SEV Biblia, Chapter 36:1 Â¶ Al Vencedor: del siervo del SEÑOR, de David. La rebelión del impío me dice al corazón: No hay temor de Dios delante de sus ojos.
Clarke's Bible Commentary - Psalms 35:1 Verse 1. The transgression of the wicked saith within my heart ] It is difficult to make any sense of this line as it now stands. How can the transgression of the wicked speak with in my heart? But instead of ybl libbi, MY heart, four of Kennicott's and De Rossi's MSS. have wbl libbo, HIS heart. "The speech of transgression to the wicked is in the midst of his heart."There is no fear of God before his eyes." It is not by example that such a person sins; the fountain that sends forth the impure streams is in his own heart. There the spirit of transgression lives and reigns; and, as he has no knowledge of God, so he has no fear of God; therefore, there is no check to his wicked propensities: all come to full effect. Lust is conceived, sin is brought forth vigorously, and transgression is multiplied. The reading above proposed, and which should be adopted, is supported by the Vulgate, Septuagint, Syriac, AEthiopic, Arabic, and Anglo-Saxon. This latter reads the sentence thus: ; which I shall give as nearly as possible in the order of the original. "Quoth the unrightwise, that he do guilt in himself: is not fear God's at fore eyes his." That is, The unrighteous man saith in himself that he will sin: God's fear is not before his eyes. The old Psalter, in language as well as meaning, comes very near to the Anglo-Saxon: "The unrightwis saide that he trespas in hym self: the drede of God es noght before his een." And thus it paraphrases the passage: "The unryghtwis", that es the kynde [the whole generation] of wyked men; "said in hym self", qwar man sees noght; "that he trespas", that es, he synne at his wil, als [as if] God roght noght [did not care] qwat he did; and so it es sene, "that the drede of God es noght by forehis een"; for if he dred God, he durst noght so say." I believe these versions give the true sense of the passage. The psalmist here paints the true state of the Babylonians: they were idolaters of the grossest kind, and worked iniquity with greediness. The account we have in the book of Daniel of this people, exhibits them in the worst light; and profane history confirms the account. Bishop Horsley thinks that the word [p pesha, which we render transgression, signifies the apostate or devil. The devil says to the wicked, within his heart, There is no fear; i.e., no cause of fear: "God is not before his eyes." Placing the colon after fear takes away all ambiguity in connection with the reading HIS heart, already contended for. The principle of transgression, sin in the heart, says, or suggests to every sinner, there is no cause for fear: go on, do not fear, for there is no danger. He obeys this suggestion, goes on, and acts wickedly, as "God is not before his eyes."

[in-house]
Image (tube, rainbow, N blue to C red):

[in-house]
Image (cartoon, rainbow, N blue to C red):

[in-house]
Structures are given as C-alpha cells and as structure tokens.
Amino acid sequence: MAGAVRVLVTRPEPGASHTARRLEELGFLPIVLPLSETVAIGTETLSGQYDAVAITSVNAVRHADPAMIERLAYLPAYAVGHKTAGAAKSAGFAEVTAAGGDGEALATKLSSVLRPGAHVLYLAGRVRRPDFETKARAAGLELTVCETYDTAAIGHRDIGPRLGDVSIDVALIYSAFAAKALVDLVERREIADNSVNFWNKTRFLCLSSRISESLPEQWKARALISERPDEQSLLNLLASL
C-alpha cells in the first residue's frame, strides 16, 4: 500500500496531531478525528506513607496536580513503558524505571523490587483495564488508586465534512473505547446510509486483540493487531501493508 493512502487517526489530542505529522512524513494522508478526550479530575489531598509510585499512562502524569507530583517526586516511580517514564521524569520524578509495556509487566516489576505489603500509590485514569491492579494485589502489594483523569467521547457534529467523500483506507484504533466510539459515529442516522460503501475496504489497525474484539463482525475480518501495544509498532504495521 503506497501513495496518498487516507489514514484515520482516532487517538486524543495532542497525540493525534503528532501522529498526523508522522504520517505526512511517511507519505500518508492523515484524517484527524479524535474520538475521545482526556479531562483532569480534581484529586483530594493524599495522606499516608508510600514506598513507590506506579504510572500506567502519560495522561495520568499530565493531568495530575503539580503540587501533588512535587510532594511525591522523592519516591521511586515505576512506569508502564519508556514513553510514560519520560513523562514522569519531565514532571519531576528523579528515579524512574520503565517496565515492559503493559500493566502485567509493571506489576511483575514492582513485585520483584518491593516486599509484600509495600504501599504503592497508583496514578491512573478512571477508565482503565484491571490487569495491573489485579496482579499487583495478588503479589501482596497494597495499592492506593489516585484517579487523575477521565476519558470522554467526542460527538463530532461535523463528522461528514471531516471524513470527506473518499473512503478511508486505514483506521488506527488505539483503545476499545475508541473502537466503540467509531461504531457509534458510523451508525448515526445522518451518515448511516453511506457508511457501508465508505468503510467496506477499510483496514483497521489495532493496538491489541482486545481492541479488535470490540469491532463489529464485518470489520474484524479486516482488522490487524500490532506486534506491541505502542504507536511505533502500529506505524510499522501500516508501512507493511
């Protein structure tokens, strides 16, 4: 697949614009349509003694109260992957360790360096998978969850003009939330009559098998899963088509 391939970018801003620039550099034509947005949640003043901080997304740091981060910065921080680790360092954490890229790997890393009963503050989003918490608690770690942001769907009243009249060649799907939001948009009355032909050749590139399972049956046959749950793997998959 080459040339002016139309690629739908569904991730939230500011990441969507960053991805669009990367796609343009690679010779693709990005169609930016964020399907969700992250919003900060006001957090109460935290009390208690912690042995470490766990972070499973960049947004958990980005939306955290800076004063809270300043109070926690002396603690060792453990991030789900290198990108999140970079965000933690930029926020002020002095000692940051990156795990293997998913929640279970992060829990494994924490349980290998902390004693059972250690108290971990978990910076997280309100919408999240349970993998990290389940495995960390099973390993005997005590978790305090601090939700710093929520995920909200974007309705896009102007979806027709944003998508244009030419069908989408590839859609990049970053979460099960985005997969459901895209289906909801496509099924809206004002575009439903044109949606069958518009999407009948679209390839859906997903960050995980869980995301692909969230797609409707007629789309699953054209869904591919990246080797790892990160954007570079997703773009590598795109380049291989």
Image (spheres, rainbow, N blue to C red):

Matthew Henry Commentary Verses 1-4 - From this psalm our hearts should be duly affected with hatred of sin and seek satisfaction in God's loving-kindness. Here is the root of bitterness, from which all the wickedness of wicked men comes. It take rise from contempt of God, and the want of due regard to him. Also from the deceit they put upon their own souls. Let us daily beg of God to preserve us from self-flattery. Sin is very hurtful to the sinne himself, and therefore ought to be hateful; but it is not so. It is n marvel, if those that deceive themselves, seek to deceive all mankind to whom will they be true, who are false to their own souls? It is ba to do mischief, but worse to devise it, to do it with plot an management. If we willingly banish holy meditations in our solitar hours, Satan will soon occupy our minds with sinful imaginations Hardened sinners stand to what they have done, as though they coul justify it before God himself.
Original Hebrew למנצח 5329 לעבד 5650 יהוה 3068 לדוד׃ 1732 - נאם 5002 פשׁע 6588 לרשׁע 7563 בקרב 7130 לבי 3820 אין 369 פחד6343 אלהים430 לנגד 5048 עיניו׃ 5869